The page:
She’s a lovely flower with a long history of use as a given name.
Thanks to Kristin for suggesting Daisy as our Baby Name of the Day.
Daisies are usually white petals around a sunny yellow center. Plenty of related flowers might be called daisies, and they extend the range of colors well beyond the conventional yellow-white.
They’re associated with children and innocence, and innocent children sitting in fields making chains of daisies. It’s the original bloom associated with “He loves me, he loves me not.”
The scientific name is pleasing, too – bellis perennis, everlasting beauty.
Daisy comes from the Old English daes eage – day’s eye. Chaucer called it “eye of the day.” The yellow center was thought to symbolize the sun, and the whole flower closes at night and opens in the morning.
It was once known as Mary‘s Rose. It seems like daisy wasn’t the typical name for the bloom until pretty late in the game – maybe the 1700s.
She was imported from the garden as a given name in nineteenth century for two reasons:
- Victorians were nearly as inventive as twenty-first century parents, and they adored floral names.
- A happy coincidence associated sweet Daisy with the enduring Margaret.
Margaret comes from the Greek word for pearl. But Marguerite – the French form of the name – became associated with the daisy in French. It’s said that daisies were the “pearls” of the field, and so became known as marguerites. Marguerite was also the French form of Margaret, so by a bit of folk etymology, the French Marguerite and Spanish Margarita both became associated with the flower.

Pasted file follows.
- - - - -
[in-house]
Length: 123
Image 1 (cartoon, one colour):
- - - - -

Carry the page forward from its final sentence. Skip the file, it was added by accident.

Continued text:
The connection was borrowed in English and other languages, and caught on:
- Louisa May Alcott gave the grown-up Little Women character Meg a daughter Daisy – but they’re both named Margaret.
- Princess Margaret of Connaught was one of Queen Victoria’s granddaughters, and Crown Princess of Sweden. She was nicknamed Daisy.
- One of Princess Margaret’s children was Ingrid. The Swedish princess married the future King Frederick IX of Denmark. Their eldest daughter is Margarethe, named for her grandmother – and currently Queen of Denmark. She’s also known as Daisy.
But not every Daisy is a Margaret.
Henry James’ 1878 novella Daisy Miller lends the name a literary bent, but his Daisy was born Annie. She’s a flirtatious American abroad. She ends badly, but there’s little doubt that Daisy is an innocent – clearly the reason for her name. A 1974 film adaptation starred a young Cybill Shepherd as Daisy.
F. Scott Fitzgerald gave us an even more famous Daisy. Jay Gatsby longs for the lovely – and unhappily married Daisy – and has since before he made his fortune. Thanks to an upcoming Baz Luhrman adaptation, all of the Great Gatsby names could get a boost.
Then there’s “Daisy Bell,” a song you probably know better as “Bicycle Built for Two.” Harry Dacre penned the song in 1892. It’s remained popular ever since.
Pop culture gives us:
- Daisy Duck
- Daisy Duke
- Driving Miss Daisy
- The assistant cook on Downton Abbey
- Celebrity babies: Meg Ryan has Daisy True; Jamie Oliver has Daisy Boo Pamela. Jon Cryer and Lucy Lawless also chose the name.
Overall, Daisy is darling. If you fret that she’s not substantial enough on her own, you can always put Margaret on her birth certificate. But in our age of floral favorites, from Lily to Violet, Daisy seems like a lovely botanical option for a daughter.
Original photo credit: Bigtallguy via Flickr